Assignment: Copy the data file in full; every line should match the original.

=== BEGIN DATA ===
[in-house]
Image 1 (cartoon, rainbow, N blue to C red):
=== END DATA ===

[in-house]
Image 1 (cartoon, rainbow, N blue to C red):